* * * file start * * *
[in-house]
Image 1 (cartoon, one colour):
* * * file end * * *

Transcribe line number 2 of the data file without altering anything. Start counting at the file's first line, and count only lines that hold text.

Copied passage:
Image 1 (cartoon, one colour):